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The Importance of Insight

The Importance of Insight: Essays in Honour of Michael Vertin

Copyright Date: 2007
Pages: 256
  • Book Info
    The Importance of Insight
    Book Description:

    Written in honour of Michael Vertin the distinguished philosopher and Lonergan scholar at the University of Toronot,The Importance of Insightbrings together a number of thoughtful essays by leading Lonergan scholars.

    eISBN: 978-1-4426-8494-2
    Subjects: Philosophy

Table of Contents

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  1. Front Matter
    (pp. i-iv)
  2. Table of Contents
    (pp. v-vi)
  3. Introduction
    (pp. vii-xiv)
    John J. Liptay Jr and David S. Liptay

    This volume of essays has two different but related purposes. First, it is intended as an expression of gratitude to and esteem for Michael Vertin, professor emeritus of the departments of Philosophy and the Study of Religion at the University of Toronto. For over thirty years Vertin has been, in the words of one of his colleagues, ‘the ideal teacher-scholar,’ and remains widely respected and admired for the commitment and integrity he brings to both these roles. These papers themselves testify to Vertin’s dual influence insofar as they are written not just by long-term colleagues drawing on his published work,...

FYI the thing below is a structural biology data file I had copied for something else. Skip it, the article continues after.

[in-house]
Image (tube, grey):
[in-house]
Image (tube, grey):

4. PART ONE: Understanding Insight

    • Lonergan’s Transpositions of Augustine and Aquinas: Exploratory Suggestions
      (pp. 3-21)
      Matthew Lamb

      To set up theSitz im Lebenof this essay, I recall how, during the very first visit I had with Fr Bernard Lonergan at the Gregorian in Rome during the early fall of 1964, he asked if I had studied the early dialogues of St Augustine, especially theSoliloquies. Twenty years later, as some of us were sharing memories after Lonergan’s funeral, several remarked how he stated that as he got older he became more Augustinian. While there is little in the written archives about his study and reading of Augustine, there are massive materials charting his reaching up...

    • Obstacles to the Implementation of Lonergan’s Solution to the Contemporary Crisis of Meaning
      (pp. 22-48)
      Mark D. Morelli

      It was Bernard Lonergan’s view that the challenge facing contemporary philosophy is epochal. It is analogous to the challenge confronted by Socrates, Plato, and Aristotle to complete and consolidate the transition from the ‘mythic mentality’ to the ‘logical mentality.’² As philosophy arose and took root in response to the crisis of self-knowledge provoked by the collapse of the mythic superstructure, so philosophy today is called upon to respond creatively to a second crisis in our knowledge of ourselves. But if the present crisis resembles that faced by the Greeks in its epochal dimensions, it differs from it in a fundamental...